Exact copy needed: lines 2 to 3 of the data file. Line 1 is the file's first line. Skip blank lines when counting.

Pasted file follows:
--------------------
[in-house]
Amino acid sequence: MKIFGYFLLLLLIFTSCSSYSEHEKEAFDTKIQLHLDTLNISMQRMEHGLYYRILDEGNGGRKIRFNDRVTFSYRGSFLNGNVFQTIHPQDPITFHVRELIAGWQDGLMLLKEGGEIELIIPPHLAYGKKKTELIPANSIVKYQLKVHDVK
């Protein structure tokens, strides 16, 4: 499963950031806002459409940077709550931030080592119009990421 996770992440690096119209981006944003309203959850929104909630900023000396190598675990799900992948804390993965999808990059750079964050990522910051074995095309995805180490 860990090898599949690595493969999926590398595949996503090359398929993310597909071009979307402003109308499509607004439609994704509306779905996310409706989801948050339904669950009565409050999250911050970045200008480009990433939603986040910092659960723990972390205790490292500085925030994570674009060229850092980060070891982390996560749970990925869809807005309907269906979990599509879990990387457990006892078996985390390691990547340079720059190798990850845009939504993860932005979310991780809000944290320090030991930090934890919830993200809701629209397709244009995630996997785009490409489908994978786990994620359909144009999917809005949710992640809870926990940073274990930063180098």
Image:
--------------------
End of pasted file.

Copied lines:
Amino acid sequence: MKIFGYFLLLLLIFTSCSSYSEHEKEAFDTKIQLHLDTLNISMQRMEHGLYYRILDEGNGGRKIRFNDRVTFSYRGSFLNGNVFQTIHPQDPITFHVRELIAGWQDGLMLLKEGGEIELIIPPHLAYGKKKTELIPANSIVKYQLKVHDVK
């Protein structure tokens, strides 16, 4: 499963950031806002459409940077709550931030080592119009990421 996770992440690096119209981006944003309203959850929104909630900023000396190598675990799900992948804390993965999808990059750079964050990522910051074995095309995805180490 860990090898599949690595493969999926590398595949996503090359398929993310597909071009979307402003109308499509607004439609994704509306779905996310409706989801948050339904669950009565409050999250911050970045200008480009990433939603986040910092659960723990972390205790490292500085925030994570674009060229850092980060070891982390996560749970990925869809807005309907269906979990599509879990990387457990006892078996985390390691990547340079720059190798990850845009939504993860932005979310991780809000944290320090030991930090934890919830993200809701629209397709244009995630996997785009490409489908994978786990994620359909144009999917809005949710992640809870926990940073274990930063180098």